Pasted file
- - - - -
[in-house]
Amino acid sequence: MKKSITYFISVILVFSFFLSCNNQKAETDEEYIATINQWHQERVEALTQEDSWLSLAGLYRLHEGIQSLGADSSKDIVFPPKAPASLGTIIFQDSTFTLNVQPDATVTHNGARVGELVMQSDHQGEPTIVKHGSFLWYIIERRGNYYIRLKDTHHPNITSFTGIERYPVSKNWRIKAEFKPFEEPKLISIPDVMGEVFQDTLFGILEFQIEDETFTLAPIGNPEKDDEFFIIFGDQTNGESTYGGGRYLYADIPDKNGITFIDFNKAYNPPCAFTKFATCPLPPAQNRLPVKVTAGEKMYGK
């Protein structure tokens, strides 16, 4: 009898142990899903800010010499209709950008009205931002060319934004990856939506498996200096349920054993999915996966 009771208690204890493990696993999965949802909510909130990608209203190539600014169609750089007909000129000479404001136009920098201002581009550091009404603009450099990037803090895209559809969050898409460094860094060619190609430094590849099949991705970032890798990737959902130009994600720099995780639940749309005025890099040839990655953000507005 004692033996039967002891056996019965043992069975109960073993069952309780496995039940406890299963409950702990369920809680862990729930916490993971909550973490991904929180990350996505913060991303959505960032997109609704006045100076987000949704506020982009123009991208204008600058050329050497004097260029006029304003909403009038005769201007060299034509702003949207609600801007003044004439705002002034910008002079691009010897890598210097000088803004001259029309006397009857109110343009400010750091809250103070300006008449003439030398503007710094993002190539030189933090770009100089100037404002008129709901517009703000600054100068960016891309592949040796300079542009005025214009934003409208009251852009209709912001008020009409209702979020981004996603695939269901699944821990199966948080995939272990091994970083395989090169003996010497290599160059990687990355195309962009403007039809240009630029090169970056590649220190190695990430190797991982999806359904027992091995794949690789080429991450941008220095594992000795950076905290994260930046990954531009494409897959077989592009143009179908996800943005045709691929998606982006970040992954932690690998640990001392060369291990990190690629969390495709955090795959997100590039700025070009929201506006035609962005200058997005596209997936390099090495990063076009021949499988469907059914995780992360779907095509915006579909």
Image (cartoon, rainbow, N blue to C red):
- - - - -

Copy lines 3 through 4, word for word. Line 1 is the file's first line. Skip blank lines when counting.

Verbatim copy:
């Protein structure tokens, strides 16, 4: 009898142990899903800010010499209709950008009205931002060319934004990856939506498996200096349920054993999915996966 009771208690204890493990696993999965949802909510909130990608209203190539600014169609750089007909000129000479404001136009920098201002581009550091009404603009450099990037803090895209559809969050898409460094860094060619190609430094590849099949991705970032890798990737959902130009994600720099995780639940749309005025890099040839990655953000507005 004692033996039967002891056996019965043992069975109960073993069952309780496995039940406890299963409950702990369920809680862990729930916490993971909550973490991904929180990350996505913060991303959505960032997109609704006045100076987000949704506020982009123009991208204008600058050329050497004097260029006029304003909403009038005769201007060299034509702003949207609600801007003044004439705002002034910008002079691009010897890598210097000088803004001259029309006397009857109110343009400010750091809250103070300006008449003439030398503007710094993002190539030189933090770009100089100037404002008129709901517009703000600054100068960016891309592949040796300079542009005025214009934003409208009251852009209709912001008020009409209702979020981004996603695939269901699944821990199966948080995939272990091994970083395989090169003996010497290599160059990687990355195309962009403007039809240009630029090169970056590649220190190695990430190797991982999806359904027992091995794949690789080429991450941008220095594992000795950076905290994260930046990954531009494409897959077989592009143009179908996800943005045709691929998606982006970040992954932690690998640990001392060369291990990190690629969390495709955090795959997100590039700025070009929201506006035609962005200058997005596209997936390099090495990063076009021949499988469907059914995780992360779907095509915006579909």
Image (cartoon, rainbow, N blue to C red):